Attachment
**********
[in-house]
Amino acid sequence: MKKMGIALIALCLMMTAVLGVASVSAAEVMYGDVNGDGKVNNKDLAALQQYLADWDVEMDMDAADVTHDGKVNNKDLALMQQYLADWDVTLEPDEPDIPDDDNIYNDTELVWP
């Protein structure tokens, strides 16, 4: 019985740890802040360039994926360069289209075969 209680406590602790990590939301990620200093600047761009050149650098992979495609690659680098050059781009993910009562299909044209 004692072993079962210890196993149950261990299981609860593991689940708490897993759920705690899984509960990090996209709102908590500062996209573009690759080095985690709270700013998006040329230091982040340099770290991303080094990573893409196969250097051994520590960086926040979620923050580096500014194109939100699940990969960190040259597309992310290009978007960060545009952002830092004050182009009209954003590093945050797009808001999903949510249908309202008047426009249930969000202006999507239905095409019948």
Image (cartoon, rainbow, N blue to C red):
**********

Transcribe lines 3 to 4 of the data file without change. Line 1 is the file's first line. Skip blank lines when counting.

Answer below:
């Protein structure tokens, strides 16, 4: 019985740890802040360039994926360069289209075969 209680406590602790990590939301990620200093600047761009050149650098992979495609690659680098050059781009993910009562299909044209 004692072993079962210890196993149950261990299981609860593991689940708490897993759920705690899984509960990090996209709102908590500062996209573009690759080095985690709270700013998006040329230091982040340099770290991303080094990573893409196969250097051994520590960086926040979620923050580096500014194109939100699940990969960190040259597309992310290009978007960060545009952002830092004050182009009209954003590093945050797009808001999903949510249908309202008047426009249930969000202006999507239905095409019948």
Image (cartoon, rainbow, N blue to C red):